Readers’ wildlife photos

How about some small soil arthropods today? Tony Eales from Australia sent these, and his notes are indented:

So my latest thing has been sifting through leaf litter looking for likely wee creepy crawlies to photograph. Unfortunately these little blighters are right at the limits of my cheap macro-setup. Anyway, denizens of the leaf litter include these:

There’s beetles like this Rove Beetle Astenus guttulus:

Bugs like this cute Schizopterid bug aka Jumping Soil Bug:

Bark Lice or Psocoptera, their big heads remind me somewhat of cows:

Thrips, Thysanopthera. I found out that thrips is not the plural of thrip, there’s one thrips in the photo or you might see two thrips or 100 thrips.

Springtails, Collembola, were the most common find. I’d never seen one before delving into the leaf litter.

Same with the Two-pronged Bristletail, Diplura, which were also pretty common. These are Hexapods but have been split out of the insects and are now in their own class, Entognatha, along with Proturas which I’ve yet to find.

Getting away from the six-leg plan, there were Soil Centipedes (Geophilomorpha) and Tropical Centipedes (Scolopendromorpha), Isopods, and of course Arachnids.

Soil centipede:

Tropical centipede:

Isopod:

The commonest were Mites in the group Trombidiformes.

 


And of course loads of diverse spiders. I’ll leave them for now as there were so many, but I’ll put in my favourite one of the so-called Ant SpidersHabronestes sp.:

 

12 Comments

  1. Neil Faulkner
    Posted August 6, 2017 at 8:38 am | Permalink

    I’m barely familiar with British isopods, let alone Australian ones, but the one in the photo looks like Philoscia muscorum, which might be an introduction from Europe.

    Any old excuse to get the first comment in…

  2. Posted August 6, 2017 at 8:40 am | Permalink

    I think that isopod is left without one leg to stand on.

  3. Posted August 6, 2017 at 8:56 am | Permalink

    “How about some small soil arthropods today?”
    Yes, please! Num num num num num.
    These are still great pictures with your cheap set-up. What lens set up do you use?

    • tjeales
      Posted August 6, 2017 at 6:35 pm | Permalink

      The basic Sigma lens that came with my Canon EOS 450D but I used extension tubes to turn it into a macro lens. Extension tubes are around $10 online. I’ve recently upgraded to a Raynox 150 snap-on macro converter and I kinda wish I’d started with this. It’s on;y about $50 Australian and is superior to the extension tubes in ease of use and quality.

  4. Diana MacPherson
    Posted August 6, 2017 at 10:09 am | Permalink

    Very interesting. I see so many diverse flies insects. Just filling 3 of my 4 gallon containers to car inside for fish tank water yesterday, I saw a really neat fly that was tiny & had long antennae. Every time I go out there, I see lots of interesting creatures as I crouch in the grass, waiting for the containers to fill.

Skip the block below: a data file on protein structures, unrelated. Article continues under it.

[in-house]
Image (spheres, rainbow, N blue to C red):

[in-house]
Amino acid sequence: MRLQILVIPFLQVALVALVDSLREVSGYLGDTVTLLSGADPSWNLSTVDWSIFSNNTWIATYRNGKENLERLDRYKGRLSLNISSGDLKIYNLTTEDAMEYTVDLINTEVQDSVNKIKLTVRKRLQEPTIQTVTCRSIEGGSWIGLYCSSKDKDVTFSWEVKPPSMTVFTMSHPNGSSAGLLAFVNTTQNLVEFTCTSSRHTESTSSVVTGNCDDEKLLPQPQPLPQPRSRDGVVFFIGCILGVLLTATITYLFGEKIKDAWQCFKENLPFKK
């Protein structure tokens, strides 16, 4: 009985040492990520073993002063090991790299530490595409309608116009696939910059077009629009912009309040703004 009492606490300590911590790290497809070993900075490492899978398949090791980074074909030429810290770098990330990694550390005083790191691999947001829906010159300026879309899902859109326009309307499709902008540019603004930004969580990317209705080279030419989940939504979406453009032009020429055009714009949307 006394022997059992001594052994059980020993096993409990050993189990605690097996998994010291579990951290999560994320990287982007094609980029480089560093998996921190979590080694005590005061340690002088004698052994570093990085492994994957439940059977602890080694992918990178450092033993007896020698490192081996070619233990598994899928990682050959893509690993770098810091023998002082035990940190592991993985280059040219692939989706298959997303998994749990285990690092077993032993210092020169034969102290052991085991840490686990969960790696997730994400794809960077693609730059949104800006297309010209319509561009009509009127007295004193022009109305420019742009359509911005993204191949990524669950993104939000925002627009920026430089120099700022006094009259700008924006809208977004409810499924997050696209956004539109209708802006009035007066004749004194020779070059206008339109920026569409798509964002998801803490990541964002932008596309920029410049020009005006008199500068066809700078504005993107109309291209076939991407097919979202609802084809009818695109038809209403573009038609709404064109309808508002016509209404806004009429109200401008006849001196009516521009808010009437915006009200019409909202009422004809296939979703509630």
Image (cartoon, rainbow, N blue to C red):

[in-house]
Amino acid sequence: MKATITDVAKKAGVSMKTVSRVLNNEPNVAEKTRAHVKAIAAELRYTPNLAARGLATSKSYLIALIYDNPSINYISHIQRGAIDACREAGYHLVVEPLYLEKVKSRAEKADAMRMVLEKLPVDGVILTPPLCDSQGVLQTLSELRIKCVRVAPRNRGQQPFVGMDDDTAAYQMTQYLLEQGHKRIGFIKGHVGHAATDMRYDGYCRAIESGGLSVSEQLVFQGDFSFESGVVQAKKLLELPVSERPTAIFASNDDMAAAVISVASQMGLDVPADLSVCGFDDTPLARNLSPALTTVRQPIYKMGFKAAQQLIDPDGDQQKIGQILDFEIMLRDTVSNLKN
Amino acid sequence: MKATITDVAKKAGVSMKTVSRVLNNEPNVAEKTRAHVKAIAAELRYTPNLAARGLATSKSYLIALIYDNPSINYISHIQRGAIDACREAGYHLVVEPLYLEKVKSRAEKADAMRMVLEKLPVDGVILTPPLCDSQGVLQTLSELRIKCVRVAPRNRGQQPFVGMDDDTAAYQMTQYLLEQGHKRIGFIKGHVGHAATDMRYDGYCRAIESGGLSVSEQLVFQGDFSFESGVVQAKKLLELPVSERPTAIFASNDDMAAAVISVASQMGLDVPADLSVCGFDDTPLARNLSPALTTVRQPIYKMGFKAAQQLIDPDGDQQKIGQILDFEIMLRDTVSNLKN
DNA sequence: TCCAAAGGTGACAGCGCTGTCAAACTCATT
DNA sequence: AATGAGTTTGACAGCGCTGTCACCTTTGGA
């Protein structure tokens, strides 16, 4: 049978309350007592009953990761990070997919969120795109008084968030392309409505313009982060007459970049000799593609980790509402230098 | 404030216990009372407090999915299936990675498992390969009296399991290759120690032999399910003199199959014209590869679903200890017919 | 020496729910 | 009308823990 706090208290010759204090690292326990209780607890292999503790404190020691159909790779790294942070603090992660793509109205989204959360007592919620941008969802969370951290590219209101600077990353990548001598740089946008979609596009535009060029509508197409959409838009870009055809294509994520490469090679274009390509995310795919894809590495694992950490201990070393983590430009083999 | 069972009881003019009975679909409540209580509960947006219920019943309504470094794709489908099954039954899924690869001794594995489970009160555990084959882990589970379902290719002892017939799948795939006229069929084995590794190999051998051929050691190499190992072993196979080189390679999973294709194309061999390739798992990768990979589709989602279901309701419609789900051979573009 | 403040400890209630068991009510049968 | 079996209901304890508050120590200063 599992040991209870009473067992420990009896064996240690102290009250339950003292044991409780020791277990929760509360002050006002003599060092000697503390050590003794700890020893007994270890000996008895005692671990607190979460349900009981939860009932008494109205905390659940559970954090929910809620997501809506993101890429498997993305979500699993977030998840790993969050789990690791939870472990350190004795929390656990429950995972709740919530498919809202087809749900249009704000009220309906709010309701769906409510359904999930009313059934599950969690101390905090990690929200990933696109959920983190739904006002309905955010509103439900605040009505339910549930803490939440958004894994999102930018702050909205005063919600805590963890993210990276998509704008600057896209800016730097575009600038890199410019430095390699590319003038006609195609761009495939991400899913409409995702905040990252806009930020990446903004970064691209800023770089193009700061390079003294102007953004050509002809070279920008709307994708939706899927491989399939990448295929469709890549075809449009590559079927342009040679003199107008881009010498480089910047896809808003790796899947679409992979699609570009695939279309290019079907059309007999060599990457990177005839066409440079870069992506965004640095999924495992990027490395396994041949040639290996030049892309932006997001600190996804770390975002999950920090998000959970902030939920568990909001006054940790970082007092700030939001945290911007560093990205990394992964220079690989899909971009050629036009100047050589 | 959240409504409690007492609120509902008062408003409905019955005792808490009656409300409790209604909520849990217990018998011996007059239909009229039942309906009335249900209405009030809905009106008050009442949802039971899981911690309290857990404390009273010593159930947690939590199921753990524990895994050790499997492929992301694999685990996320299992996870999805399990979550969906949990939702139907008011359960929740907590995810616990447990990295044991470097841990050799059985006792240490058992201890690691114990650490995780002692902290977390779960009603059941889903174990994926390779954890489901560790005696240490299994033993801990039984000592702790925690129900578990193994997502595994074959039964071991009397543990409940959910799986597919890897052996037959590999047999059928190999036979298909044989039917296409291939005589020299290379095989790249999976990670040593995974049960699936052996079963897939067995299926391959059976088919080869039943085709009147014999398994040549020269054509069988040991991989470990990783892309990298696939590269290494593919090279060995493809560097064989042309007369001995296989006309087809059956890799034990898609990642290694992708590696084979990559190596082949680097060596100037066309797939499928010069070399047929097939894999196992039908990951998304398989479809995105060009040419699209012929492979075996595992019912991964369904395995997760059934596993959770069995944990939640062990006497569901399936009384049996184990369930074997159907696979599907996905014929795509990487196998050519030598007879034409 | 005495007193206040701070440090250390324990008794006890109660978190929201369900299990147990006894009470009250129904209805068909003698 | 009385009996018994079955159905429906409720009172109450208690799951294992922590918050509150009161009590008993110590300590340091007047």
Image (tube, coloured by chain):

5. rickflick
    Posted August 6, 2017 at 11:43 am | Permalink

    Some of those creatures, especially, I think, the centipedes, look like they belong to an earlier time and place…say 400 million years ago.

  6. Jenny Haniver
    Posted August 6, 2017 at 11:50 am | Permalink

    I concur with the others who’ve commented. These are very interesting creatures and you may disparage your “cheap macro set-up” these are photos worth looking at and learning from. I rarely see anything about springtails and bristletails, so nice to see examples here.

  7. samitchell79
    Posted August 6, 2017 at 11:51 am | Permalink

    Nice work dude!! Most excellent photographs!!

  8. Heather Hastie
    Posted August 6, 2017 at 1:33 pm | Permalink

    I too agree with everyone else. These are great.

    The only problem I have is that the ones on the white background are hard to judge size because I know nothing about them. Next time, could you please assist me out of my ignorance by putting a ruler in the pic if possible?

    • tjeales
      Posted August 6, 2017 at 6:47 pm | Permalink

      The thrips is right on the limit of what I can photograph, it’s about 0.5mm. The bug, bark lice and mites are around 2mm. The others are larger, the rove beetle is still small at around 5mm but the centipedes,isopod and spider are all easily seen with the naked eye.

      • Heather Hastie
        Posted August 6, 2017 at 9:44 pm | Permalink

        Thanks for that!

  9. Mark R.
    Posted August 6, 2017 at 2:04 pm | Permalink

    Very cool! The diversity of arthropods in the leaf litter is amazing.


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